The big news this week is Prime Minister Abe Shinzo's planned reshuffle of his Cabinet on Wednesday. The cabinet lineup is looking rather long in the tooth; it is indeed the longest-lasting unreformed lineup in history (Link). It has had to weather some rather nasty fights -- the initiation of construction of the Futenma replacement facility at Henoko, the constant grind of bad news out of Fukushima Daiichi, the forcible passages of the Special Secrets Act and the Cabinet decision on collective self defense -- and looks a bit ragged for all its continuing popularity as measured against the support numbers of previous Cabinets. There is also a huge cohort of mid-career Liberal Democratic Party members who have never served in a cabinet post (not surprising: there was a change in government in 2009). Finally, Prime Minister Abe Shinzo feels compelled to matching his rhetoric on greater opportunities for women in public life with action, increasing the number of women in his cabinet from two to perhaps six (the pool of candidates is too small to go any higher).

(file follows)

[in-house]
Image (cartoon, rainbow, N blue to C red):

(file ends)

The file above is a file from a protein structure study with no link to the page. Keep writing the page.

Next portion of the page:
Given the importance of the atmospherics, rather than the policy preferences of the various candidates for office, in the selection process, the buildup to this cabinet reshuffle has been inadroit. No, let us not be coy. It has been a farce...and it is not getting any better.
Abe mulling Obuchi as LDP's No. 2The last time I looked, and that was today, Secretary-General of the Liberal Democratic Party is a serious, serious job. It requires an intense understanding of policy, party financial and personnel matters. It is a lightning rod, having to deal with intra-party resentment, political feuds, local versus national politics and demands for funds. It is also a very public post, with the secretary-general frequently having to interact with the news media as the party's top representative.